The meeting is scheduled for 6-6:30 p.m. on Sept. 20 at Wilkes Community College in Wilkesboro, just before the Commission's annual public hearing on proposed regulations.
"We plan to present information about HD in general, as well as discuss expectations that hunters, landowners, farmers and others can have for this season and future years," said Chris Kreh, a wildlife biologist with the Commission. "This is mainly an informational meeting, though we may provide some recommendations for hunters with specific management goals for deer on their property."
Biologists are observing an increasing number of hemorrhagic disease cases in whitetail deer in the western part of the state, especially in Caldwell, Wilkes and Surry counties.
The disease has no human health implications, but is one of the most significant endemic viral and sometimes fatal diseases of white-tailed deer in the southeastern U.S.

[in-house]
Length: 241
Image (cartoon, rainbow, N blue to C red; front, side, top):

Transported by a biting midge (or gnat), the virus enters deer through the blood stream. Common symptoms of sick animals include emaciation, loss of motor control, fever, lameness and swelling of the neck and head. Infected deer often seek relief near bodies of water, resulting in a higher frequency of dead deer near creeks, rivers and ponds than on adjacent uplands. Investigations of these dead deer usually reveal ulcerations on the tongue, dental pad and palate. The mouth may also be bluish in color and the skin flush or reddish, particularly noticeable on the inside of the legs and belly.Commission biologists first began seeing deer afflicted with the disease in Wilkes and Surry counties. In August, reports of the disease also began coming from Caldwell, Burke, McDowell, Rutherford and Buncombe counties. The hardest hit counties are Caldwell, Surry and Wilkes.